30 of your favourite music icons from the 70s and 80s through the years

From Cher to Rod Stewart, and The Beatles to Blondie, it’s clear that most of these music icons showed their talents from a very early age. But making music history wasn’t always the plan for some of these huge icons, with newspaper deliveries, waitressing and aspirations of playing professional football taking priority in their adolescent years. Take a look through some of the most legendary names in music, from how they rose to fame to what incredible achievements they have made to this day.

Then: Cher

Born in 1946, in El Centro, California, the global icon’s career began in the early 1960s when she moved to LA and met aspiring singer Sonny Bono.

The pair released several singles together, including ‘Let the Good Times Roll’ and ‘Love is Strange’, before Cher released her own debut solo album ‘All I Really Want to Do’, ranking in the Top 20 on the Billboard 200 charts. In the years to follow, Cher enjoyed success both solo and alongside Sonny, who she was married to from 1964-75, dabbling in television as well. Their 1965 single “I Got You Babe” stormed the charts, hitting the top spot on the US Billboard Hot 100 for three weeks, whilst Cher graced us with solo albums ‘The Sonny Side of Ch?r’ and ‘Ch?r’ in 1966.

The 1970s then saw the release of various albums, including Gypsys, Tramps & Thieves, Foxy Lady and Bittersweet White Light. Cher also featured in a few films, including Suspect, Moonstruck and Mask.

Now: Cher

Throughout the course of her career, spanning over five decades, the megastar released a whopping total of 26 studio albums, three live albums, 10 compilation albums and four soundtrack albums. More recently, she has featured in smash-hit films like Burlesque (2010) and Mamma Mia! Here We Go Again (2018), both acting and singing.

Cher, and her ex-husband Sonny, were honoured with a star on the Hollywood Walk of Fame in 1998, following him sadly passing away. Cher has won countless awards, from Grammys and Billboard Music Awards – and her talents in the world of acting have not been overlooked either, receiving multiple Golden Globes and Academy Awards as well.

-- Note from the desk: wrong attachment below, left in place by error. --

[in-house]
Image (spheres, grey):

Then: Duran Duran

Duran Duran was formed in the late 1970s by Nick Rhodes and John Taylor in Birmingham. In 1980, the band brought their demo tape to Paul & Michael Berrow, who ran the nightclub Rum Runner.

After the addition of Simon Le Bon, they wrote their first single ‘Sound of Thunder’, and after signing with the Berrow brothers’ new music company recorded their now hit singles ‘Girls on Film’ and ‘Tel Aviv’. Their first album, Duran Duran, was released in 1981, with their first single ‘Planet Earth’ reaching the UK’s Top 20. The rest, of course, was history.

Now: Duran Duran

14 studio albums later, and the addition/subtraction of the odd member here and there, Duran Duran have enjoyed a bountiful career.

With their success spanning across the globe, the megastars have collected plenty of Grammy and BRIT Awards over the years. The gang have also bagged themselves a spot on the Hollywood Walk of Fame!

Then: Electric Light Orchestra (ELO)

In 1969, Birmingham-based musicians Roy Wood and Bev Bevan approached Jeff Lynne about joining them in creating music like no other artist, combining violins, cellos, string basses, horns and woodwinds to change the sound of rock. After initially declining, Roy joined the pair in 1970 and Electric Light Orchestra was born.

Their first album ‘The Electric Light Orchestra’ was released in December 1971, with their first single titled ‘10538 Overture’ reaching Number 9 in the UK charts. As well as their fame growing, so did the group, with Bill Hunt, Andy Craig, Mike Edwards, Wilfred Gibson, Hugh McDowell and Richard Tandy all joining the band, ahead of their debut concert in 1972. Jeff Lynne later became the front-man for the band, after the departure of multiple members of the group.

By 1978, the band had set two music world records, hitting Number 1 in the UK Albums Chart with ‘Discovery’ in the year to follow.

Now: Electric Light Orchestra (ELO)

Many years, awards, band members and band names later, we now have Jeff Lynne’s ELO. Jeff and his band have now played some huge events, including The Grammys in 2015 and Glastonbury in 2016. In 2015, Jeff was presented with a star on the Hollywood Walk of Fame, and five years later, in 2020, was awarded an O.B.E. for his services to music.

Then: Culture Club

In London, back in 1981, Boy George, Roy Hay, Mikey Craig and Jon Moss teamed up to create the iconic Culture Club.

Unimpressed by their demos, EMI Records decided not to sign the band. Luckily for all of us, Virgin Records and Epic Records picked up on the gang, collectively releasing their records across Europe and the US. Despite Boy George’s androgynous style catching the eye of the public and the media, the band’s early singles ‘White Boy’ and ‘I’m Afraid of Me’ didn’t make the charts – but, of course, that didn’t stop the gang, with their third single ‘Do You Really Want to Hurt Me’ flying to the Number 1 spot in the UK, and becoming one of their biggest hits.

Now: Culture Club

40 years and six studio albums later, Culture Club have become one of the most successful British bands of all time.